Personal Finance

Year end financial tips for 2007

For many people, it’s time to start thinking about the Christmas season. Decorations are starting to hit the streets, malls and even people’s homes. Before you know it, Christmas will have come and gone and we will be heading into another new year.

Financially, there are some important strategies to think about this time of year too. Although taxes may not be on our minds, some key strategies require your action before the end of the year instead of waiting till the April 30th deadline when you have to file your returns. By that time it will be too late to do anything.

1. RRSP age limit changed to age 71. The 2007 budget moved the RRSP conversion age from age 69 to age 71. If you turn 69, 70 or 71 this year, you must pay particular attention to your RRSPs since all financial institutions have implemented special rules to deal with the change. Check with your financial institution for specifics.

If you turn 69 in 2007, and you have not already moved your RRSP to an RRIF or annuity, you do not need to do anything. You can convert the RRSP to income anytime up to the end of the year in which you 71 if you choose.

If you are age 69, 70 or 71 in 2007, and you have already converted an RRSP to an RRIF prior to the new legislation, you can stay in the RRIF and simply elect to not take payments until 2009. If you need the income, you can certainly continue to receive payments but there is no regulatory obligation to do so.

2. Spousal RRSP contributions. Although the RRSP deadline to get a tax deduction for the 2007 tax year is February 29th, 2008, you may want to make spousal contributions before December 31st instead of the end of RRSP season. One of the catches with spousal RRSPs is there are attribution rules that prevent your spouse from withdrawing the money out of the spousal RRSP within the first three years otherwise it will be taxed back to the original contributor as income. Because of the specific wording, making the contributions in December instead of the during RRSP season in the new year can allow your spouse to withdraw the money out a full year sooner without being impacted by the attribution rules.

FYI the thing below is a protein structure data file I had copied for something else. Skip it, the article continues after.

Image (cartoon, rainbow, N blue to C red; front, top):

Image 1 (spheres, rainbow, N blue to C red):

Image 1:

3. Create your Pension Income Credit. The pension income credit allows retirees to access the first $2000 of their pension income tax-free. For those Canadians over the age of 65 without pension income, you can take advantage of the $2000 pension income tax credit by converting enough of the RRSP to an RRIF or annuity to generate at least $2000 per year of income even if you don’t need the money. You can create more than $2000 per year of income but the rest will be subject to tax at your marginal tax rate.

This year, the government also introduced Pension Income Splitting where someone who gets a company pension plan can give up to 50% of their pension income to their spouse. If they do not have a company pension, they can give up to 50% of the income from their RRIF or annuity to their spouse as long as the spouse is also over the age of 65. In this case, someone could create $4000 of yearly income instead of $2000 and give the extra $2000 of income to their spouse so the spouse can use their pension income credit. The spouse must be 65 in order to utilize the $2000 Pension Income Credit.

For those individuals who have company pensions, they can also give at least $2000 of pension income to their spouse so the spouse can also get $2000 of pension income tax-free through the pension income credit. In the case where you have a company pension as opposed to RRSPs, RRIFs or annuities, you and/or your spouse does not need to be 65 years.

Stay tuned for next week when I will share some more year-end finance strategies.

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